Ford has put a lot of focus on China’s electric vehicle market — with a local joint venture expected to lead to 15 electric or hybrid models on sale in the country by 2025 — and today the automotive giant announced a tie-in with Alibaba to fulfill its ambitious goals.
The scope of alliance is fairly broad and vague at this point, but a large chunk of the”strategic collaboration” appears to be based around developing a direct sales channel to reach consumers in China.
Alibaba is the country’s largest e-commerce firm that’s best known for its Taobao marketplace and T-Mall service for brands. The alliance could see Ford utilize T-Mall to sell cars to consumers — the company has sold items like cargo jets via Taobao before — but there could be room for collaboration within Alibaba’s ‘Next Retail’ strategy that unites online and offline commerce.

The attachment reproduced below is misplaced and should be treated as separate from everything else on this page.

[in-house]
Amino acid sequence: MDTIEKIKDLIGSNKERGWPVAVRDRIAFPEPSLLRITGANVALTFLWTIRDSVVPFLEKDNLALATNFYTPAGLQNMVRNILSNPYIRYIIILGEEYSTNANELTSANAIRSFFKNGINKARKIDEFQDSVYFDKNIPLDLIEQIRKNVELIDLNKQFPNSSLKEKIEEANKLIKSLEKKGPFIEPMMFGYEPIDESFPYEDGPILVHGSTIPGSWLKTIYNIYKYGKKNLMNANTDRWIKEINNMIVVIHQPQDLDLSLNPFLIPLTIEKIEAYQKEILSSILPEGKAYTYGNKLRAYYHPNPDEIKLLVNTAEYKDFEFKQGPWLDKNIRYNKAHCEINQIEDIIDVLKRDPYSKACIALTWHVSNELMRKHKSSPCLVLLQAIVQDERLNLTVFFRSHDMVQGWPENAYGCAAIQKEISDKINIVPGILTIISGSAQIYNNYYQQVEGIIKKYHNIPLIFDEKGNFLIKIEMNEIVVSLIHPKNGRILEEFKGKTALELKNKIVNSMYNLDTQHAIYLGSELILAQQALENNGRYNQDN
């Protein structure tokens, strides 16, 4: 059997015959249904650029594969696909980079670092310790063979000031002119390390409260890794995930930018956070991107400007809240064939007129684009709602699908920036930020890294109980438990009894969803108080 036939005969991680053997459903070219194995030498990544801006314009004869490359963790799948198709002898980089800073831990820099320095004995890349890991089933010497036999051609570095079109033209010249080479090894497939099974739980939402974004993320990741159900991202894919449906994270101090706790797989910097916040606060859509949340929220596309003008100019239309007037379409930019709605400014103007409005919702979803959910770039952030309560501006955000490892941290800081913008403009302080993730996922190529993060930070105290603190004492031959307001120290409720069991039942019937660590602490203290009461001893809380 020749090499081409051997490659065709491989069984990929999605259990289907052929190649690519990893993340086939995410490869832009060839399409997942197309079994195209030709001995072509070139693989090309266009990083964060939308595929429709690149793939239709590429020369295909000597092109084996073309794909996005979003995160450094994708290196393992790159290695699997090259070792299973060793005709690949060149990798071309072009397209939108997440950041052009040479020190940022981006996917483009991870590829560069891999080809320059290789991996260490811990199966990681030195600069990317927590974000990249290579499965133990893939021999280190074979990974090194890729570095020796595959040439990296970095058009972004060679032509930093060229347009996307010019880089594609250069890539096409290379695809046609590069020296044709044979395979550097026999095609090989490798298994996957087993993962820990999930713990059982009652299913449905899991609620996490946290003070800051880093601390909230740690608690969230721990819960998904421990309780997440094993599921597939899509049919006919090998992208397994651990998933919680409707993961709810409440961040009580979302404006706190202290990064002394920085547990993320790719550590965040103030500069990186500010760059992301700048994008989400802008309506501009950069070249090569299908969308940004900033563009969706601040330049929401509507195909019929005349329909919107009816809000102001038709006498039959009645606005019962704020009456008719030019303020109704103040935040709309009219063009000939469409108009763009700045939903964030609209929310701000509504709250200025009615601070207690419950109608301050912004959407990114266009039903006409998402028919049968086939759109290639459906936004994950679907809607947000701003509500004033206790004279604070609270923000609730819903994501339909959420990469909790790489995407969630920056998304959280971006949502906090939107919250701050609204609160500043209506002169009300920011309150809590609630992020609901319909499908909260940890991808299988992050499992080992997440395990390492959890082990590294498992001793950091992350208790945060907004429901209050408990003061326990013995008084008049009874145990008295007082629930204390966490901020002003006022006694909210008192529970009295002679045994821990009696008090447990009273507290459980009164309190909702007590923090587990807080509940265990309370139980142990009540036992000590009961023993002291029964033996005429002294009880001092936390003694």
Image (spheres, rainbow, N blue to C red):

The Chinese giant recently invested in national hypermarket operator Sun Retail in a move that it hopes will increase the synergies between e-commerce and physical retailing, and automotive is one vertical where that mesh is more obviously beneficial. People like to touch, feel and drive cars before they buy them, but yet doing basic research and purchasing online is more productive than visiting multiple showrooms.
A source also indicated that Alibaba may consider a “vending machine” style approach to selling cars. We’ve seen such an approach before — like this compact 15-story operation in Singapore that looks like a child’s toy box and examples in Germany — and that could be one branch of Alibaba’s retail strategy in the future.